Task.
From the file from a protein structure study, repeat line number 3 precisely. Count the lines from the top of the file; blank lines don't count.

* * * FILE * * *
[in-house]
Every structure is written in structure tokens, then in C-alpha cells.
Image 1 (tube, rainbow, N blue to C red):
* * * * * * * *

Image 1 (tube, rainbow, N blue to C red):